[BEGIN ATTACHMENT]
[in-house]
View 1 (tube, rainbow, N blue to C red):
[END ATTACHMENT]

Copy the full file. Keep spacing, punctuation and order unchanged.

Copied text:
[in-house]
View 1 (tube, rainbow, N blue to C red):